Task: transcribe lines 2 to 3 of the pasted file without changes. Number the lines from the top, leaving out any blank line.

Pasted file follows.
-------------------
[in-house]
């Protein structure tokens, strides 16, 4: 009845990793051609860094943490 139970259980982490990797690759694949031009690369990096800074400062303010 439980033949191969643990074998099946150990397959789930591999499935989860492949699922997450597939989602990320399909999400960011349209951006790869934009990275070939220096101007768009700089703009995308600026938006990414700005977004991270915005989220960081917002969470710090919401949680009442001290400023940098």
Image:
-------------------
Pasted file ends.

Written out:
């Protein structure tokens, strides 16, 4: 009845990793051609860094943490 139970259980982490990797690759694949031009690369990096800074400062303010 439980033949191969643990074998099946150990397959789930591999499935989860492949699922997450597939989602990320399909999400960011349209951006790869934009990275070939220096101007768009700089703009995308600026938006990414700005977004991270915005989220960081917002969470710090919401949680009442001290400023940098």
Image: